Bounce Rate

The bounce rate describes the proportion of users who visit a website and leave it without further interaction (e.g. click on a link, view of another page, long dwell time). This metric is expressed as a percentage and indicates the ratio between individual sessions and all sessions on the website.


If a page has 100 visitors, of which 60 leave the page directly without further interaction, the bounce rate is 60 percent.


The relevance of the Bounce Rate


From the perspective of the website operator, the bounce rate is very important. High bounce rates are often a sign that the user identifies the page as not relevant for him/her after the click-in. However, the bounce rate must be put into the right proportion and must be viewed in a differentiated manner. There is no universal number of when a bounce rate is considered too high – this varies from industry to industry and from topic to topic. The bounce rate is naturally higher on pages such as blog posts or detailed individual pages on which no further interaction is necessary and relevant content is already there. This must be taken into account in the evaluation.


Reasons for high bounce rates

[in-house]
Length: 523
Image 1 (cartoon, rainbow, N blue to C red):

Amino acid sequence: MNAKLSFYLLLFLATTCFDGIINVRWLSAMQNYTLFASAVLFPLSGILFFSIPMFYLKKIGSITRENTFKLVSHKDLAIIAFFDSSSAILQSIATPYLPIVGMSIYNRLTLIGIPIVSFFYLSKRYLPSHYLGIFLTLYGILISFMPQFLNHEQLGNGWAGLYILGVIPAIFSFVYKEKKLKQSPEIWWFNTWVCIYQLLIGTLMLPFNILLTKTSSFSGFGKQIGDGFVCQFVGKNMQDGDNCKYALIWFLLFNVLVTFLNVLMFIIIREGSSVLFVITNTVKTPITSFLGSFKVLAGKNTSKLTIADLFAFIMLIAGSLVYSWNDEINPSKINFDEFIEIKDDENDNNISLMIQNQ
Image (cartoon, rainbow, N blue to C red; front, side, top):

The reasons for a high bounce rate of websites can vary widely and may show significant defects of a site. A lot of / dubious advertising, an unappealing layout, hard to find information or misleading titles often lead to users dropping out of the site. Even elementary aspects such as long load times or incorrect content cause users to leave the page again.


Bounce rate optimization


As soon as a user reaches a website, it should be clearly indicated that he has clicked on the right website and can find the information he is looking for. This can be communicated by a suitable page title, a clear structure and, if necessary, graphics.

A layout that appeals to the user can also be one aspect of convincing him or her of the website’s continued use and relevance. In addition, usability and short load times are decisive factors for the bounce rate.

Especially layout, usability and possibly also load times can be tested and optimized by using A/B or multivariate tests.


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